Winner German Crime Prize 2017 (2nd place)
Translated from German by Rachel Ward

I know I’m stretching the term “noir” in this series of reviews, basically using it as an all-embracing term for any German crime novel, translated into English and published in 2018, but that’s not true in this case. Simone Buchholz’s novel is as noir as a novel entitled Blue Night can be …

… the prologue opening with a man being beaten black and blue … having every bone in his body smashed to pieces and his right index finger cut-off. Described from the victim’s point-of-view. So this is what it’s like, he says. Indeed. So now I know.

Pan from scene of extreme violence and into the life of Chastity Riley, a state prosecutor who has been demoted. Not for incompetence, but for creating some very unwelcome waves in a previous case. (A case, I assume, was the focus of an earlier  novel in the series. Blue Night is actually the 6th, even if it is the 1st to be translated into English.) Riley’s first assignment in witness protection brings her into the orbit of the victim of the violent opening scene. Her job is to find out what she can, but he is staying stumm …

She has to earn his trust, which she does by feeding him cigarettes and beer. Still he’s a tough nut to crack, and it’s not until the half-way point that he gives her a clue that sends her to Leipzig searching for a certain kind of crocodile.

Yes, I said half-way point. Not much is happening, apart from her talking to the unknown man and a lot of exposition about her life and her circle of friends, including Kratsche, her boyfriend who owns the Blue Night club. Following too much detail about what happens in the club’s cellar, I confess I was on the point of bailing-out. But once Chastity gets on the road to Leipzig the pace picks up and the second half whizzes by. I even found myself enjoying the intermezzos, if I may call them that. These are short sections in which a selection of characters, both coppers and criminals, key to the action at that point, tell their back histories or explain what has been happening off the Chastity Riley pages so to speak. At first I found them pretty disorientating ( not knowing who was who) and then I accepted that they were an effective means to keeping the page count down and the novel as brief and noirish as those of Buchholz’s role model, Raymond Chandler.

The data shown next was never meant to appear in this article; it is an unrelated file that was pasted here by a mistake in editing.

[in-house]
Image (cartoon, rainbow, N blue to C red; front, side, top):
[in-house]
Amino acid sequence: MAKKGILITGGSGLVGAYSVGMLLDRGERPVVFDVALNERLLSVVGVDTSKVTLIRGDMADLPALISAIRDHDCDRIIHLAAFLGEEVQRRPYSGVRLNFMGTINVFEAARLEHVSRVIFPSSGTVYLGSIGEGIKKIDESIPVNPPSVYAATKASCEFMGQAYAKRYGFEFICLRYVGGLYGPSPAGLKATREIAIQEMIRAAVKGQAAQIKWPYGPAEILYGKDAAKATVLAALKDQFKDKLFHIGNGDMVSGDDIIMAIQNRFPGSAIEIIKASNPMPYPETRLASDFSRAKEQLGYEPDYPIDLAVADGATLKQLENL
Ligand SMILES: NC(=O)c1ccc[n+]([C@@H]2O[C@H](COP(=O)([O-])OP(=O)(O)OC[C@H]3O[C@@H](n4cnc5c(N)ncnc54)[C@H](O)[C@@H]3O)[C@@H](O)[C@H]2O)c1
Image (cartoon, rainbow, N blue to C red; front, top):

There’s a long character list, but perhaps the most important is the city of Hamburg itself, the place Buchholz calls home. A city I visited for the first time last year, during a week that was very wet! Never seen rain like it (not even in Scotland!) But that weather brought out a grubiness and tackiness that I wouldn’t have seen otherwise and that’s the side Buchholz captures so well here – including the wet weather and the seediness of the Reeperbahn at 5:00 pm, which, let’s face it, was the only time I was willing to wander (accompanied) round the district!

(Thankfully there were more favourable meteorological conditions on my second visit, when I was just passing through. And the city had a sunnier disposition then. Yes, even the harbour area, which plays such an important role in Blue Night. )

For further information see Mrs Peabody’s interview with Simone Buchholz